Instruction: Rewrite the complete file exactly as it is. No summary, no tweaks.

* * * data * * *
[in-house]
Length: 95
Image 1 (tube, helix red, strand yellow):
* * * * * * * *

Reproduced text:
[in-house]
Length: 95
Image 1 (tube, helix red, strand yellow):